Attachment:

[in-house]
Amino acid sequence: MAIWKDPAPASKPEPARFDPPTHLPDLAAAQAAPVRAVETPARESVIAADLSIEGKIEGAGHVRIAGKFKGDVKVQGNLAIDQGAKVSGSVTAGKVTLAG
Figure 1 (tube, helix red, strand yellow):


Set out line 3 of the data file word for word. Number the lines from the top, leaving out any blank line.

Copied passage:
Figure 1 (tube, helix red, strand yellow):